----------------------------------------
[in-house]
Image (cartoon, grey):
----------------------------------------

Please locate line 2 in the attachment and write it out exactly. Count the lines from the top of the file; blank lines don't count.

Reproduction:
Image (cartoon, grey):